Hiking the Sleeping Giant will, undoubtedly, leave you breathless. Whether it’s from the sweeping views 600 feet above Lake Superior or the gruelling climb it takes to get there depends on your conditioning. For me, it was a combination of both. The pandemic has left me a little softer and a little slower, making for one sweaty climb. The rewarding views from the top is certainly worth the effort.
This is my time hiking the Sleeping Giant, Northern Ontario‘s most iconic landmarks.
What is the Sleeping Giant?
From the shores of Thunder Bay, the Sleeping Giant is an unmistakeable sight. One look, and it’s easy to see how the massive volcanic rock formation got its name.
Stretching across Thunder Bay’s skyline, the looming mountain resembles a giant laying on its back. The name comes from an Ojibway legend that says a loose-lipped giant turned to stone after blabbing the location of Silver Islet, a silver mine, to white men. That’ll teach ya.
Voted as one of Canada’s Seven Wonders, today this long rocky outcrop is the focal point of Sleeping Giant Provincial Park. Visitors to this 244 kilometre square park can camp, enjoy its unique Lake Superior shoreline, paddle pristine Marie Louise Lake, and hike its many trails. One of these trails, as this post suggests, will take you to the very top of the giant.
Getting to the Sleeping Giant Trail Head
Hiking the Sleeping Giant is no easy task and takes some work to both get to and climb. Again, those that put in the effort a rewarded with one of the best hikes in the province of Ontario.
Hiking to the top of the Sleeping Giant is a combination of three trails, the Kabeyun Trail, Talus Lake Trail, and lastly, Top of the Giant Trail.
The journey begins at the Kabeyun trailhead where you can park your vehicle. If camping in the park I still suggest driving to this lot, your legs will thank you at the end of the day!
This trail is a relatively flat and wide path and is an easy walk. You are on this for 5.0 km so, alternatively, you can rent fat-tire or mountain bikes to make this portion that much faster and more fun. These are typically available from the park office at Marie Louis Lake however be sure to check ahead for availability.
If time permits, hop off the trail to check out the Sea Lion. This weathered rock formation is 20-minutes off the Kabeyun Trail. Watch for markers just before the bridge in the photo above.
Talus Lake Trail
Getting to the Sleeping Giant trail head continues north for a short 1.5 km on the Talus Lake Trail. You will then come to the Top of the Giant Trail junction.
Top of The Giant
At the Top of the Giant trailhead, you’ll find bike racks where you can lock up your ride. From here, the real work begins.
Hiking Sleeping Giant
The Top of the Giant trail is a 2.7 km grind uphill. It’s moderate to difficult although if you take it slow (and take in the views along the way) it’s doable even for those like me who have parked on a fresh “COVID-19 lbs.”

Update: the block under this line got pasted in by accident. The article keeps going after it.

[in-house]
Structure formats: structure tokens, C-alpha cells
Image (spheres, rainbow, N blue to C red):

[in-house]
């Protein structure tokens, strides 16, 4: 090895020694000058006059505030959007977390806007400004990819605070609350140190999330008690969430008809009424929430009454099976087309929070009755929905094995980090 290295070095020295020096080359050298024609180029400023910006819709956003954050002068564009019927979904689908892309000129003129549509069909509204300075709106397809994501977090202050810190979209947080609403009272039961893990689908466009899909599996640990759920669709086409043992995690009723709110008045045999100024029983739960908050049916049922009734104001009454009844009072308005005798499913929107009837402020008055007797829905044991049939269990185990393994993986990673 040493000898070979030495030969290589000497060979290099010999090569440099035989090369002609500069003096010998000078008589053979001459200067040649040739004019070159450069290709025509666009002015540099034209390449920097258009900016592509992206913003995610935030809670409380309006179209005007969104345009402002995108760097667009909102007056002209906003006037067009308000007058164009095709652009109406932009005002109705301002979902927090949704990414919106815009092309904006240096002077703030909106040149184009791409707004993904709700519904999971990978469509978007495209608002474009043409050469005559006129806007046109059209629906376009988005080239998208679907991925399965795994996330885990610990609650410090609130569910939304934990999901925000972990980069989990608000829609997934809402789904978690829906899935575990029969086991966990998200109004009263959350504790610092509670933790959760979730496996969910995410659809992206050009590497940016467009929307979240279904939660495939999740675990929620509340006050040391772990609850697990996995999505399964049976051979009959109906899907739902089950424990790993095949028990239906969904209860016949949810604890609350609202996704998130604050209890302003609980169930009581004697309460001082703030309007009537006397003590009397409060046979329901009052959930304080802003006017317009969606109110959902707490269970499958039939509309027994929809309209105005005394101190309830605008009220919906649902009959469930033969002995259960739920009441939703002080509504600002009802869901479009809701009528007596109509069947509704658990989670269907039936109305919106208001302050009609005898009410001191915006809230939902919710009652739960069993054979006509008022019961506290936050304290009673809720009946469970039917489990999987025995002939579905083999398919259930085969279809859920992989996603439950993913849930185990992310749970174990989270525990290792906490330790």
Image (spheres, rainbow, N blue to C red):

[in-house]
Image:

After several sweaty switchbacks, you will arrive at the top of the backside of the Giant, some 229 m above Lake Superior.
Although there is a bench with beautiful views of the lake, continue on another 2 km to the Lake Superior lookout. This is where you will find the massive gorge with Thunder Bay in the distance.
Words certainly don’t do Sleeping Giant justice. Not since hiking Preikestolen in Norway have I experienced anything like it. In Canada, there are not many places like hiking Sleeping Giant. Gros Mourne and the West Coast of British Columbia come to mind certainly nothing in Ontario. Prove me wrong Doug Ford.
How Long Does It Take To Hike Sleeping Giant?
Hiking Sleeping Giant is a half-day outing at a minimum. The time it takes is dependent on your level of fitness and mode of transportation. It is 11.4 km from the Kabeyun Trail parking lot to the Superior Lookout. In total, you are looking at a 21.8 km round-trip and an elevation change of 290 m. With stops along the way, most hikers pend 6-12 hours hiking Sleeping Giant. It’s advisable to head out early to ensure you have plenty of daylight for your return. No one likes a lost hiker.
It took me about 6.5 hours to hike Sleeping Giant. This included biking to the Top of the Giant trailhead and stopping for plenty of photos along the way. Once on top of the Giant, I spent about an hour having lunch, taking in the views, and catching my breath before turning around.
What Should I Bring to Hike Sleeping Giant?
Thinking of tackling the Sleeping Giant? Be sure to pack the following items to ensure you are safe and comfortable along the way:
- Hiking shoes
- Plenty of water. I went through two 750 ml bottles on my hot September hike.
- Snacks and lunch for the top.
- Layers of clothes depending on the weather
- A windbreaker ( the top is blustery!)
- A trail map (you can get these at the Lake Marie Louise park office)
- Bug spray
- A Camera!
Camping at Sleeping Giant
A great way to get an early start is sleeping at Sleeping Giant. I camped at the Marie Louise Lake campground. There you will find 200 sites, half include stalls with power. This did, however, add an extra 4.5 km bike ride to the Kabeyun Trail parking lot and was pretty exhausitng on the way back. I suggest driving with your bikes to Kabeyun Trail lot if possible.
Conquer That Giant
As noted, there are plenty of places in Canada that can take your breath away. Hiking the Sleeping Giant in Northern Ontario certainly checks this box. It may be a challenge to conquer however the views absolutely make it worth the effort. Pair that with a bike rental and stops along the way, and it is a great day out.
What say you?
Thoughts on Hiking Sleeping Giant Provincial Park?
Let’s hear it!
Looking for more Canada?